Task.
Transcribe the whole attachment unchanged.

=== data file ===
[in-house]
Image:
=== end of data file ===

[in-house]
Image: